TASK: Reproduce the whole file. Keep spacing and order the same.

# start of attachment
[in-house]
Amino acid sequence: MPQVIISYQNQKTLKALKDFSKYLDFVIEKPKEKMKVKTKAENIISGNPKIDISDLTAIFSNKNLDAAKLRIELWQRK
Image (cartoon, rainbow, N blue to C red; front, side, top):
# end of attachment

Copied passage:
[in-house]
Amino acid sequence: MPQVIISYQNQKTLKALKDFSKYLDFVIEKPKEKMKVKTKAENIISGNPKIDISDLTAIFSNKNLDAAKLRIELWQRK
Image (cartoon, rainbow, N blue to C red; front, side, top):